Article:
Korennykh Lab @ Princeton

Structural & cell biology of human RNA signaling pathways

We aim to understand mechanisms of human innate immunity, response to damage, and stress. In particular, we are interested in structural and cell biology of pathways mediated by dsRNA, other kinds of RNA, and by receptor proteins that recognize or process these RNA molecules.

Intracellular response to dsRNA

Double-stranded RNA or dsRNA is a major regulator of gene expression in all mammalian cells. A number of membrane-tethered, cytosolic and nuclear proteins serve as receptors that recognize dsRNA and control dsRNA response. Often, dsRNA response is linked to the production of interferons, pro-inflammatory cytokines and control of innate and adaptive immunity.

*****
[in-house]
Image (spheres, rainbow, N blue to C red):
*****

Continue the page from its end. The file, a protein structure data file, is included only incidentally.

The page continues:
Broader roles of these programs in homeostasis, cell cycle, differentiation, senescence and aging are also emerging.

Other signaling RNA

One of the key programs activated by dsRNA in all mammalian cells involves cleavage of the intracellular RNA pool by a kinase family receptor, RNase L. We are interested in structural and cell biology of RNase L.

We are also interested in a sister protein of RNase L, Ire1. Ire1 controls the unfolded protein response (UPR) by splicing an intron from a transcription factor XBP1 mRNA -- without using the spliceosome. As we have shown recently, Ire1 and RNase L employ similar mechanisms for RNA recognition.

Our methods

X-ray crystallography
Human/murine cell biology
Systems biology